This real-time analysis is constantly updated based on submissions. Accuracy benefits from widespread review and submission of updates and corrections from reviewers. Less popular treatments may receive fewer reviews.
No treatment, vaccine, or intervention is 100% available and effective for all current and future variants. Efficacy may vary significantly with different variants and within different populations. All treatments have potential side effects. Propensity to experience side effects may be predicted in advance by qualified physicians. We do not provide medical advice. Before taking any medication, consult a qualified physician who can compare all options, provide personalized advice, and provide details of risks and benefits based on individual medical history and situations.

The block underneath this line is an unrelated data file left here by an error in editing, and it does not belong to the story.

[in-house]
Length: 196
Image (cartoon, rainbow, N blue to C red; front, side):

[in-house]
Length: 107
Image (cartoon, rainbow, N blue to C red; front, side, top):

[Cheema, Kotani], showing significant improvements for one or more of mortality, hospitalization, recovery, and progression.
Antiandrogens are an effective treatment for COVID-19. Statistically significant improvements are seen for mortality, ventilation, ICU admission, hospitalization, recovery, cases, and viral clearance. 30 studies from 24 independent teams in 12 different countries show statistically significant improvements in isolation (17 for the most serious outcome). Meta analysis using the most serious outcome reported shows 30% [20‑38%] improvement. Results are better for Randomized Controlled Trials, similar after exclusions, and similar for peer-reviewed studies. Results are robust — in exclusion sensitivity analysis 24 of 49 studies must be excluded to avoid finding statistically significant efficacy in pooled analysis.
This analysis combines the results of several different antiandrogens. Results for individual treatments may vary.